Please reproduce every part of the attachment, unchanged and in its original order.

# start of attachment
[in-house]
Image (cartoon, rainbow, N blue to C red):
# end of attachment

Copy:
[in-house]
Image (cartoon, rainbow, N blue to C red):